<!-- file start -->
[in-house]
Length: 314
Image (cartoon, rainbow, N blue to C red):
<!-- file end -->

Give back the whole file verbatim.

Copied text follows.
[in-house]
Length: 314
Image (cartoon, rainbow, N blue to C red):